myGLCD.fillRect(39+(i*10), 23+(i*10), 59+(i*10), 43+(i*10));
  }

  delay(2000);
  
  myGLCD.setColor(0,0,0);
  myGLCD.fillRect(1,14,158,113);
  myGLCD.setColor(0, 0, 255);
 myGLCD.drawLine(0, 79, 159, 79);   

// Draw some filled, rounded rectangles
  for (int i=1; i<6; i++)
  {
    switch (i)
    {
      case 1:
        myGLCD.setColor(255,0,255);
        break;
      case 2:
        myGLCD.setColor(255,0,0);
        break;
      case 3:
        myGLCD.setColor(0,255,0);
        break;
      case 4:
        myGLCD.setColor(0,0,255);
        break;
      case 5:
        myGLCD.setColor(255,255,0);
        break;
    }
    myGLCD.fillRoundRect(99-(i*10), 23+(i*10), 119-(i*10), 43+(i*10));
  }

  delay(2000);
  
  myGLCD.setColor(0,0,0);
  myGLCD.fillRect(1,14,158,113);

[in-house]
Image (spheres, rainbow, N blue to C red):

myGLCD.setColor(0, 0, 255);
 myGLCD.drawLine(0, 79, 159, 79);  
// Draw some filled circles
  for (int i=1; i<6; i++)
  {
    switch (i)
    {
      case 1:
        myGLCD.setColor(255,0,255);
        break;
      case 2:
        myGLCD.setColor(255,0,0);
        break;
      case 3:
        myGLCD.setColor(0,255,0);
        break;
      case 4:
        myGLCD.setColor(0,0,255);
        break;
      case 5:
        myGLCD.setColor(255,255,0);
        break;
    }
    myGLCD.fillCircle(49+(i*10),33+(i*10), 15);
  }

  delay(2000);
    
  myGLCD.setColor(0,0,0);
  myGLCD.fillRect(1,14,158,113);
  
 myGLCD.setColor(0, 0, 255);
 myGLCD.drawLine(0, 79, 159, 79);    

// Draw some lines in a pattern
  myGLCD.setColor (255,0,0);
  for (int i=14; i<113; i+=5)
  {
    myGLCD.drawLine(1, i, (i*1.44)-10, 112);
  }
  myGLCD.setColor (255,0,0);
  for (int i=112; i>15; i-=5)
  {
    myGLCD.drawLine(158, i, (i*1.44)-12, 14);
  }
  myGLCD.setColor (0,255,255);
  for (int i=112; i>15; i-=5)
  {
    myGLCD.drawLine(1, i, 172-(i*1.44), 14);
  }
  myGLCD.setColor (0,255,255);